When the choice is made to look upon the gift with gratitude and act upon it—to move forward in that new understanding—the soul is ignited, healing takes place, and victimhood is dispelled. 

I found this rewriting process much like Henry Nouwen’s The Three Movements of the Spirit. 

  1. Seeing through the Eye of Mind to reach one’s innermost self. In reflecting on the passage as a whole with some historical elements of a story of real people in real-time who were going through real things and feeling lonely and knowing that they were not as alone as they felt, it is relatable. We are not lonely, but we are often in a place of solitude within our experience. 

  2. Seeing through the Eye of Flesh to reach out to all sentient beings. How does this passage resonate with how I recognize my fellow life travelers? Is it possible for me to recognize a kinship with all who may struggle with some of life’s experiences? We all fall prey to low points, despair, and questioning existence when it feels like the world is falling apart. We each have a different threshold for this; being compassionate to others without dismissing their viewpoint of events from my own perceptions is important.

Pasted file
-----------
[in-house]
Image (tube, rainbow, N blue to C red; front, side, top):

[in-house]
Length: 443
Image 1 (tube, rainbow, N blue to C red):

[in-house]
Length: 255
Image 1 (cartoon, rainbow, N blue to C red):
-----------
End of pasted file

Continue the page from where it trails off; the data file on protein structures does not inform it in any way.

3. See through the Eye of Spirit to reach and ground oneself in God (Divine). When one is willing to recognize and integrate others' views into one's own with a broader perspective and interpretation, we get closer to the universal understanding and the awareness that our eyes are Spirit’s. That Spirit is all perspectives in one, can understand them all, yet sees above, around, and through gaining Truth from incorporation and not dismissing.